Cinder was a cider and sour beer bar from Teddy Sourias — a guy who knows a thing or two about opening bars. The problem here was that Cinder had no idea what it was trying to be. A neighborhood joint? A sports bar? An upscale gastropub with mussels, weird pizzas and jalapeno poppers made with Cloumage cheese and tomato conserva? It was all those things, all at the same time, and NONE of them were good ideas.
So yeah, 2017 was shaping up to be a shitshow — exactly the sort of muddled, clumsy mess of high ambition and shit execution that Philly falls into from time to time. There was no originality. No risk-taking. Nothing worth bragging about.
And then this happened.
Dinner at the Fish Riot: Royal Sushi and Izakaya
January 26th, 2017
“The izakaya is a riot, barely contained. Conversely, the sushi bar in the back (under the command of Jesse Ito, with seats available by reservation only) is serene and calm. Separated only by a curtain, it’s the yin to the izakaya’s yang. Or the yang to its yin. Whatever. It’s opposite is what I’m saying. Controlled, serene, spare in decor. No space robots. And the sushi?
God, the sushi…”
Royal Sushi & Izakaya saved the beginning of the year for me. It probably did for a lot of other people, too. This is the place I constantly fall back on when people ask me where they should eat in the city. Friends visiting, neighbors, strangers on the street — I tell everyone to go to Royal Izakaya. And I mean it every single time. I loved this place so much that I just couldn’t stop going back. I wanted to live there. And I still kinda do.
But I had to move on. Because next I had to talk about Jose Garces and his new all-day cafe.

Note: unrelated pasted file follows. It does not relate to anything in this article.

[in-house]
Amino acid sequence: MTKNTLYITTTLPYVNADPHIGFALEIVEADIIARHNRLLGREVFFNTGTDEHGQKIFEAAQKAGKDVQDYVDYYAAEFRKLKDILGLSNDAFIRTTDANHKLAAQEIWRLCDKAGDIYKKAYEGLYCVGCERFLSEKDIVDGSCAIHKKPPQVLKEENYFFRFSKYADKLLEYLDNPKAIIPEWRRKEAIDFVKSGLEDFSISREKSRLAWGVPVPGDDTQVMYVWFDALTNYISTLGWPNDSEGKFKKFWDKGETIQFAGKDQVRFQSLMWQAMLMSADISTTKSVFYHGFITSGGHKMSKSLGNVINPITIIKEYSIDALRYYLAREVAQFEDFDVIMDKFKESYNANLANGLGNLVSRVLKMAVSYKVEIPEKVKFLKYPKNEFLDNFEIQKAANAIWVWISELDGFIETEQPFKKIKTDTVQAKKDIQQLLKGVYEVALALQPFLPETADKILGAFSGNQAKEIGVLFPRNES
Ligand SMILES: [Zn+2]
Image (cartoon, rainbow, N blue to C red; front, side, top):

Not Built for Love: 24
March 2nd, 2017
“On the tables, no cutesiness. The silverware all matched. The glassware was all polished, simple, plain. The plates were white. Each thing was designed for its purpose, including the (almost winking) old tomato cans used as rustic lifts for pizza pans. At 24, the Garces Group’s new all-day cafe (just downstairs from its also-new company headquarters), everything has been thought of in advance. Every possibility has been gamed, every solution tested, every problem solved before it occurs. This is the strength of being the 16th restaurant in a string of restaurants– designed for maximum efficiency, even if dressed for casual Friday. Though nothing remarkable is being attempted here (nothing approaching the level of a Volvér or Amada), 24 Wood Fired Grill is what happens when a restaurant group really knows what it’s doing.”
I didn’t love this place, but I respected the hell out of it. Rarely before (and not at all since) have I seen a restaurant so defined by its forethought and infrastructure — by its efficiency over its heart. I can almost guarantee that a bad meal will never be served here. As though run by robots from an inalterable program, that sort of thing would just be unthinkable.
And, of course, I followed this up with a series of meals at one of the weirdest, least planned, most inefficient and completely insane restaurants of the year.
Ladies and gentlemen, I give you chef Alex Hardy.
Chaos Theory: At The Table
March 9, 2017
” ‘Are you … ‘ he asked, looking me up and down. And I wanted to say no, because there was no way this conversation, the way it was going, was going to end well for anyone. Because every night in the kitchen is a disaster. You have to remember that. And this night? No different.
But I said yes, and Hardy laughed and scrubbed at his face with his hands. ‘Oh, man,’ he said. ‘It would have to be tonight. You would have to come tonight.’ “
For those of you who haven’t read this review, it ends with Hardy — the chef-owner of this place, who had just served me one of the more unique meals of the year — asking if I know what Craig LaBan looks like.
Like Hunter Thompson would say, Hardy is one of God’s own prototypes. A crazy person gifted (or cursed) with a wild talent in the kitchen. He is singular, iconoclastic, strange. And I will tell the stories of my meals at his restaurant for years to come.
Okay, I think that’s enough for now. But come back tomorrow because we’re going to keep this thing rolling with two of the best new restaurants of the year, plus the best use of Spam in a professional kitchen, the best milkshakes in the city and the best riblets in the entire world.
Seriously, you don’t want to miss it. It’s gonna be a lot of fun.